>> How can we balance the signal-to-noise ratio such that we can achieve
>> effective membership engagement with the board without overwhelming
>> ourselves with chatter? Currently we have no formal or prescribed
>> processes for such consultation.
>> OSGeo Board members are not paid for their services. However, they are
>> regularly invited to partake in activities such as presenting at
>> conferences or participating in meetings with other organisations.
>> These are typically beneficial to both OSGeo and the leader’s
>> reputation or personal interest. To avoid OSGeo Board membership being
>> seen as a “Honey Pot”, and for the Board to maintain trust and
>> integrity, OSGeo board members should refuse payment from OSGeo for
>> partaking in such activities. (There is nothing wrong with accepting
>> payment from another organisation, such as the conference organisers.)
>> In response to the question of conferences, OSGeo has previously
>> created OSGeo Advocates - an extensive list of local volunteers from
>> around the world willing to talk about OSGeo.
>> Old vs new
>> Should we populate our board with old wisdom or encourage fresh blood
>> and new ideas? We ideally want a bit of both, bring wisdom from the
>> past, but also spreading the opportunity of leadership across our
>> membership. We should avoid leadership becoming an exclusive “boys
>> club” without active community involvement, and possibly should
>> consider maximum terms for board members.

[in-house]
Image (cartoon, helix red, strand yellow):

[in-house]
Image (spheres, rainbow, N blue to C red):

>> If our leadership follow a “hands off oversight role”, then past
>> leaders can still play influential roles within OSGeo’s subcommittees.
>> Vision for OSGeo 2.0
>> Prior OSGeo thought leaders have suggested it’s time to grow from
>> OSGeo 1.0 to OSGeo 2.0. Update our vision and mission. A few of those
>> ideas have fed into OSGeo’s website revamp currently underway. This
>> has been a good start, but there is still room to acknowledge that
>> much has changed since OSGeo was born a decade ago, and there are
>> plenty of opportunities to positively redefine ourselves.
>> A test of OSGeo’s effectiveness is to see how well community ideas are
>> embraced and taken through to implementation. This is a challenge that
>> I hope will attract new energy and new ideas from a new OSGeo generation.
>> Here are a few well considered ideas that have been presented to date
>> that we can start from:
>> Michael Gerlek July 2015, “We won. It's time for OSGeo 2.0”,
>> Darrell Fuhriman: September 2015, “OSGeo is becoming irrelevant.
>> Here's why. Let's fix it.”
>> Marc Vloemans, March 2014, OSGeo Marketing Analysis,
>> OSGeo Board of 2013, “OSGeo Board Priorities”,
>> (There are a few more which I haven’t located - please do suggest
>> So where does this leave us.
>> Let’s recognise that OSGeo is an Open Source community, and we
>> organise ourselves best with bottom-up Meritocracy and Do-ocracy.
>> Wherever possible, decisions should be made at the committee,
>> chapter or project level, with the board merely providing
>> hands-off oversight. This empowers and enables our sub-communities.
>> Let’s identify strategic topics where the OSGeo board would
>> benefit from consultation with charter membership and work out how
>> this could be accomplished efficiently and effectively.
>> Let’s embrace and encourage new blood into our leadership ranks,
>> while retaining access to our wise old white beards.
>> The one top-down task for the board is based around allocation of
>> OSGeo’s (minimal) budget.
>> Cameron Shorter
>> Open Technologies Consultant
>> Geospatial & Software Architect
>> Information Demystifier
>> M +61 (0) 419 142 254
> Cameron Shorter
> Open Technologies Consultant
> Geospatial & Software Architect
> Information Demystifier
> M +61 (0) 419 142 254
> Discuss mailing list
> Discuss at lists.osgeo.org
ir. Dirk Frigne
Tel: +32 9 236 60 18
GSM: +32 495 508 799